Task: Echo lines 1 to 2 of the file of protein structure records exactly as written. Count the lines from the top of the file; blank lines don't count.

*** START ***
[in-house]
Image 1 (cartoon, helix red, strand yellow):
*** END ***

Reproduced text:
[in-house]
Image 1 (cartoon, helix red, strand yellow):